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Articles From Brisbane Consulting Group

How to Calculate Damages in Fraud Cases

When courts order restitution from fraud, it may be difficult to determine how much the company has actually lost. Forensic accounting experts can help fraud victims calculate damages in accordance with state laws and prepare presentations that convince judges to accept their conclusions.

Evaluating Case Specifics

Calculating restitution seems easy, right? If an employee steals inventory worth $20,000, he or she should repay that amount, perhaps with interest. However, the calculations get more complicated when a business’s profits are lost because of the fraud.

The calculation varies from state to state, and even from case to case, but forensic accountants typically determine damages using either:

  1. The “benefit of the bargain” method, or
  2. The “out of pocket” method.

What’s appropriate depends to some degree on the location and nature of the fraud. For example, a hypothetical company decides to buy and race a thoroughbred horse for promotional purposes. A horse dealer locates a suitable animal valued at $950,000, but offered at $800,000 because the current owner is retiring.

In truth, however, the owner is selling the horse because it hasn’t lived up to expectations. The horse is actually worth only about $700,000 — information the dealer has known for several weeks. Putting aside the buyer’s failure to perform proper due diligence, how much should it be able to expect in restitution?

Under the out-of-pocket method, the company would be awarded $150,000 in damages, or the difference between the horse’s real value and the amount paid for it. Using the benefit-of-the-bargain method, damages would be calculated at $250,000 — the difference between the dealer’s misrepresented value and the animal’s true worth.

Applying the Benefit-of-the-Bargain Method

Fraud victims usually prefer the benefit-of-the-bargain method. It allows them to recover not only their actual losses and fraud-related expenses, but also the lost profits on their investments.

There are several approaches accountants may use to calculate lost profits when the benefit-of-the-bargain rule applies, including:

Yardstick approach. Here, the company’s profits are compared to those of a similar company that wasn’t defrauded.

Hypothetical approach. After gathering marketing evidence that demonstrates potential lost sales, the expert subtracts costs that would have been associated with the lost sales to arrive at lost profits.

Before-and-after approach.  Under this method, damages are based on the difference between 1) the company’s profits before and after the fraud, and 2) the company’s profits while the fraud was being committed.

The appropriate method for calculating damages will vary according to the specifics of each case. Experts must work with attorneys to determine what’s appropriate.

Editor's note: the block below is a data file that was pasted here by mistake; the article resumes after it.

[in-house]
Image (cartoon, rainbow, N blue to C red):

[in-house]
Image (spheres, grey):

Beware: Net income rarely is the basis for assessing lost profits. Lost-profit awards are taxable, which means they’re calculated on a pretax basis, making net income invalid for computational purposes.

Pursuing Civil Remedies

Establishing damages for restitution is one thing. Collecting them may be more difficult. In many criminal cases, perpetrators aren’t required to begin paying restitution until they’re released from prison. In addition, victims who aren’t named in indictments handed up against the fraudster aren’t eligible to receive restitution. And, in many cases, the perpetrator already has spent the proceeds of the fraud — or hidden them in other people’s names or offshore bank accounts or trusts.

For these and other reasons, many victims seek both civil judgments and criminal convictions against fraud perpetrators. Civil actions can force crooks to sell or forfeit assets to help pay restitution. Also, while criminal orders affect only property of the defendant, civil forfeitures can include assets taken by family members or friends of the perpetrator. Filing a civil action has no effect on criminal proceedings, and victims may receive restitution orders from either or both.

Getting it Right

Companies that have been struck by fraud understandably want to receive the highest restitution award available. A fraud expert can help evaluate the facts of the cases and select the most appropriate method to calculate damages.

How to Calculate Damages in Fraud Cases

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As a Senior Analyst, Ben’s responsibilities include the valuation of businesses, business interests, and intangible assets for purposes of financial reporting, transaction advisory, and tax planning and compliance. Additionally, Ben’s role includes the performance of various forensic accounting procedures, as agreed upon with clients. Ben’s prior experience includes performing assurance services for publicly traded companies within the aerospace and manufacturing industries, as well as large private companies and the gaming industry. He also has experience in testing and evaluating internal controls over financial reporting.

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